He’s not a rap man, he’s an app, man. The drop of Jay-Z’s new album Magna Carta… Holy Grail at midnight on Independence Day seemed less like a musical event than like a Silicon Valley IPO. Conveyed exclusively by a Samsung application to a million Galaxy phone and tablet users, the release not only forced old-media institutions to rewrite their rules and raised complaints about NSA-style invasions of privacy, but came with a glitch that crashed the promised downloads; the only other way to hear it that night was through a stream from Hot 97 over which DJ Funkmaster Flex interpolated hype-man exclamations that mostly dissed iPhones.
Rubbing out the boundary between art and entrepreneurship always has been part of Jay-Z’s hustle. But now that some of the pixelated fog has dissipated and we’ve had the long weekend to listen to the leaks, how does the music measure up? For a creator who crows, “Oh, I’m so good at math,” Jay’s made a product that’s less than the sum of its impressive surfaces.
The production, by Timbaland, Pharrell Williams, The-Dream, Hit-Boy, and others (including WondaGurl, a 16-year-old from Ontario), gleams like the luxury good it is. But the music is only intermittently moving to head, hips, or heart. The most enticing sonics, like the New Orleans horns on “Somewhereinamerica,” seldom coincide with the freshest bars—even if “Somewhere in America, Miley Cyrus is still twerkin’ ” rivals Kanye West’s “Hurry up with my damn croissants!” as 2013’s funniest cross-cultural-double-dutch twist.
While Mr. Carter’s status as an Old Master of rapping is not in doubt, the “old” side of that equation weighs heavier and Hovier. His sights never quite lock in. The multilevel wordplay, wit and wisdom that are his calling cards flicker amid the Fortune 500 asset inventories and street-cred callbacks, and punch lines that often warrant the lamentable tag of Dad Rap.
In the artist’s defense, there aren’t many rappers who’ve survived long enough, physically, psychologically, and commercially, to grapple with aging with dignity the way jazz, blues, country, and (sometimes) rock personalities do. His star has risen right off the road map, as was bound to happen to someone in the genre’s fourth decade. But with the tech at his disposal, perhaps a few extra features engineered into the Magna Carta app would have helped. For example:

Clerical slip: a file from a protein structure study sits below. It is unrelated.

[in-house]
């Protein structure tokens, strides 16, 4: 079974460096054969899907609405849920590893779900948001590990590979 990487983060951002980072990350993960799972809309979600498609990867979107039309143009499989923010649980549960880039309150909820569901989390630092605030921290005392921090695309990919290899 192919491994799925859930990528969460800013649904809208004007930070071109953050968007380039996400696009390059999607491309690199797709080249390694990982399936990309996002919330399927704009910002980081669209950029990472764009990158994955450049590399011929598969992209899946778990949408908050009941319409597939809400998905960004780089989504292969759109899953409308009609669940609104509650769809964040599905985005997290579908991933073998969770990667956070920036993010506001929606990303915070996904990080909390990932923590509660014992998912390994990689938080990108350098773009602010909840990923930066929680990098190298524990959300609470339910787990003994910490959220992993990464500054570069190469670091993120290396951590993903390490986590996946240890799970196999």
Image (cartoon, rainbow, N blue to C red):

1. Reference Auto-Refresher
This search-and-replace engine would catch all the pop-culture references that make Jay seem mired in the 1990s and offer more up-to-date options.
It would flag names he’s dropped repeatedly in the past—is he honestly still worrying he’ll end up like Mike Tyson or MC Hammer?—and tropes tired out within the album itself: If he must keep making Mafia/Roc-A-fella parallels, isn’t it time to come up with models other than The Godfather and Goodfellas? (He twice repeats a dinero/De Niro joke he first made in 1996 on “Bring It On.”) Like at least The Sopranos? And move on from Colombian drug cartels to, say, Mexican ones?
This program also might delete Jay’s attempts to top his own classics—the “Part II (On the Run)” duet with Beyoncé here is pleasant enough till you really remember “ ’03 Bonnie & Clyde.”
Worse yet is the ’90s alt-rock nostalgia, from the quotation of “Losing My Religion” in the generally fine “Heaven” to the goofy Nirvana singalong that euthanizes the already lame opening track. That said, though, would we want them to be switched up with a Vampire Weekend reference? Be careful what you wish for: When Jay says on “F.U.T.W.” that he feels “like Brody from Homeland,” I can only picture him and Beyoncé on the sofa in silver PJs, binge-watching cable, which I suspect is not the epic scale he was aiming for.
2. Art Collection Audio Guide
Perhaps if there were a supplemental track that could just walk us through Jay’s Basquiats and Picassos—whether he owns them or got a viewing at the Tate Modern, MOMA, or Art Basel—he would stop going on about them in the songs themselves.
It’s refreshing to hear high-culture shout-outs in rap songs, with artists rather than dons and CEOs as role models. Yet Jay doesn’t seem to love the paintings but rather the social echelons they represent, an elitism somehow more odious than his Tom Ford and Maybach homages. The conspicuous waddling of his auction paddle, like the yearning he expresses to get “bluebloods” to attend his housewarming, is a more alienating class betrayal than hip-hop’s usual aspirational materialism—a transformation not just of circumstances but of identity and allegiance.
It’s a temporary respite when in the middle of “Picasso Baby,” Jay sasses the art to his baby daughter: “Yellow Basquiat in my kitchen corner/ Go ahead, lean on that shit, Blue, you own it.” Rap still ought to dethrone icons, not genuflect before them.
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